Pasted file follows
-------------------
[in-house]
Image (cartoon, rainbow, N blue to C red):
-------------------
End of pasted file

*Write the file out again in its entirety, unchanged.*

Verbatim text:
[in-house]
Image (cartoon, rainbow, N blue to C red):